Source: Alamy 

Shoppers have been seeing shortages of milk in some supermarkets, with Arla the worst affected by the labour crisis

North Yorkshire-based milk processor Paynes Dairies has warned it is “struggling” to keep supplies moving as the HGV driver crisis continues to disrupt dairy supply chains.

The supplier’s MD Charles Payne told The Grocer the driver shortages that had gripped the food sector in recent months were now “affecting us quite considerably”, with the business only making 90% to 95% of its planned deliveries in recent weeks.

“It’s not a good situation, and the government’s increase of driver hours by an hour a day hasn’t helped [that much],” Payne said, as he called for more support to attract drivers into the sector.

The government could help by relaxing Certificate of Professional Competence rules to attract those who had retired back into work, he added, while also calling for a relaxation in visa rules to attract more European drivers back to the UK.

“Until that happens, this problem won’t go away,” he warned.

Payne’s warnings follow those of Arla Foods UK MD Ash Amirahmadi, who last week revealed the dairy co-op had failed to deliver milk to 25% of its intended customers – about 600 stores in total – due to shortages of drivers. Arla confirmed this week it was still facing the same issues.

It comes amid growing concerns over empty milk chillers in some parts of the country, with analysis of online fresh milk availability for The Grocer by Assosia showing at least 30 lines have been out of stock in the big four for at least a day since 10 July.

Elsewhere, Medina Dairy said it had been forced to “rationalise and optimise” its delivery routes in a bid to maintain supplies, and was having to work with its customer base to change delivery schedules.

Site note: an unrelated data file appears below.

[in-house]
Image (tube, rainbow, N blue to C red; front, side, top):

While it hadn’t yet missed a delivery due to the effects of the crisis, the changes meant it was now making fewer deliveries to customers on a weekly basis.

Others to face challenges from driver shortages include London-based Freshways – which completed a merger with Medina last month, while Hampshire-based distributor Pensworth also said it was seeing delays from its milk suppliers.

But while admitting it was not “entirely immune” to issues caused by driver shortages, a spokesman for Müller Milk & Ingredients said its network had been “resilient”, thanks to the fact the majority of its logistics operations were in-house via partner Culina, “with 99.8% successful deliveries in the last few weeks”.

Businesses were “doing everything they can” to tackle the crisis, said Dairy UK CEO Judith Bryans, but the labour shortages were now “a real issue” that needed to be resolved.

“We’ve been collecting data on labour shortages which we’ve been submitting to Defra. We’ve also been working with the NFU and a number of other organisations providing data for a report on labour being done by Grant Thornton, which is underway now,” she added.

“The food sector in general needs the government to give skilled worker visas to drivers, but given that we have fresh products in dairy we really need that to happen sooner rather than later.”